Cost of living: Number of New Zealanders falling behind on credit card payments grows

More and more people are being trapped by the cost of living, with increasing numbers of us falling behind on credit payments.

The latest figures from Centrix show just how many Kiwis are in arrears, and budgeting advisors are saying demand for their services are high.

In the current financial climate, you don't have to look far for savings tips or tricks.

However, according to Auckland Central Budgeting manager Tim Maurice, some borrowers are still falling into the debt trap.

"Ninety percent of people we see, the issue is debt. Without the debt they would be fine, they would be surviving," Maurice said.

"Those extra payments on the debt is what's getting them into trouble."

The latest figures from credit reporting agency Centrix show more people are finding themselves in trouble with 426,000 behind on credit payments in July, up from 414,000 in June. 

That's 7.5 percent higher year-on-year, although that is compared to the historic lows we saw during the COVID-19 period.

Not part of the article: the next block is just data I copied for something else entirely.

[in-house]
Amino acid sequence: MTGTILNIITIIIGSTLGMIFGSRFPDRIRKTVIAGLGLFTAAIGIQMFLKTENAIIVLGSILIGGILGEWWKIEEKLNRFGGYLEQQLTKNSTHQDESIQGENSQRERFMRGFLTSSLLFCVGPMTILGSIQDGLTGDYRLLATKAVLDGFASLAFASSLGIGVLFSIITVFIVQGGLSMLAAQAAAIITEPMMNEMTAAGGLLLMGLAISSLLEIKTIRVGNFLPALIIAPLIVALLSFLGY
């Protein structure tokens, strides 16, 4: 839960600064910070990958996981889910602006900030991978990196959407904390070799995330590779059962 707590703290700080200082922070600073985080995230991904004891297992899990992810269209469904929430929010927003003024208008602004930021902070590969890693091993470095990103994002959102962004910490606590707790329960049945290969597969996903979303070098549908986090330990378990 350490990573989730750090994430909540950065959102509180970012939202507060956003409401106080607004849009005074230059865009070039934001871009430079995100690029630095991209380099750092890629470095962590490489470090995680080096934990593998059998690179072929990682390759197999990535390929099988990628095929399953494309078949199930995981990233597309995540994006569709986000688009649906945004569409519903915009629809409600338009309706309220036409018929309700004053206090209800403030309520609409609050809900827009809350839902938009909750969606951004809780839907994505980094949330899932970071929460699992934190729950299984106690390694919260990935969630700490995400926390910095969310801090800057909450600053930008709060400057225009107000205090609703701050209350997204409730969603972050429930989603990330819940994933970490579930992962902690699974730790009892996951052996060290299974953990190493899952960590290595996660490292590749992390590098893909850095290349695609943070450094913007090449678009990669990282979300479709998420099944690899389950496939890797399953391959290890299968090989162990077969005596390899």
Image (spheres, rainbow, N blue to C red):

"The key thing to really think about is it's against seasonal trends," Centrix chief operating officer Monika Lacey said.

"At the moment we would expect to see arrears dropping a little bit in the lead-up to Christmas, so the fact that this month in isolation it's gone higher, is a little bit of an alarm bell.

"But, one month doesn't make a trend so we have to wait and see what happens.

Centrix said it expects arrears to continue to rise, and it's observed a new age group under the age of 25 who are struggling.

"Falling behind in telco first, so if you look at the arrears of a young individual, telco is the first to go," Lacey said.

The figures show personal loan arrears up by 9 percent and car loan arrears up by 6 percent.

Buy now pay later arrears dropped to a five-month low, but they're still trending up. 

Auckland Central Budgeting said demand for its service is up this year and they're booked up, two weeks in advance. 

"The stress this puts on people, you know, not being able to make payments, not being able to sleep at night, stressing and worrying, what's going to happen to their car, what's going to happen to their kids, can they afford to get a school uniform, can they afford to buy food," Maurice explained.

"This all comes around, unfortunately, from that easy-to-get credit."

The message is for people to ask for help from a free financial advisor, like Money Talks, before the debt stacks up.